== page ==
The best way to avoid being a victim of “jockeyboxing” — which means people walking through neighborhoods at night and stealing whatever they can grab from unlocked cars — is to lock your car. All the time.
That way, if you mistakenly leave your cell phone, purse, wallet, ipod, or change behind when you park in a driveway or street, you won’t be like the dozens of people in Eagle who had items like that taken from their during the last week of August. Or like the hundreds of people every year in the Treasure Valley who fall victim to such car burglaries.
It’s a totally preventable crime. You just have to lock your stuff up.
A 19-year-old Eagle man has admitted breaking into as many as 150 cars between Aug. 25 and Aug. 28. A 17-year-old boy acted as a lookout. That boy also broke into several cars.
Andrew B. McCormick got caught when one of the people who had stuff taken from his car saw McCormick wearing his backpack at a local video arcade on Aug. 29.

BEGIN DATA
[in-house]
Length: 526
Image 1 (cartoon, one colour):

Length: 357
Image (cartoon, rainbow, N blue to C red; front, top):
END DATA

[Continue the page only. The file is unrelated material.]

Eagle police found McCormick moments later. He eventually confessed to the break-ins. Officers located the 17-year-old later, and he also admitted what he did.
Once caught, the teens cooperated with police, showing them the neighborhoods where they broke into unlocked cars.
Those streets include Eagle Hills Way, Winged Foot Place, Spyglass Way, Pebble Beach Way, Palmetto Drive, Amanita Street, Farrington Drive, Thunderbird Way, Knoll Drive, Spring Hill Drive, Mango Drive, Eagle Hills Way, Longwood Drive, and Stierman Way.
The teens would take whatever they could find in the cars, including change, cash, camera cards, knives, papers, cords, headphones, glasses, CDs and DVDs, laptops, backpacks, cigarettes, and other items.
While that case was still pending, Eagle Police arrested McCormick and the 17-year-old boy Sept. 23 for breaking into cars Hill/Horseshoe Bend roads area.
Unlike the August case, where the information was routed to Ada County prosecutors for an arrest warrant, officers arrested McCormick and the 17-year-old on felony burglary charges that day.
Warrants filed in connection with the August car burglaries went out Wednesday. McCormick is now charged with four counts of felony burglary.
McCormick is being held in the Ada County Jail on a $20,000 bond.
The crime of felony burglary is punishable by up to 10 years in prison.
The 17-year-old is being held in the Ada County Juvenile Detention Center.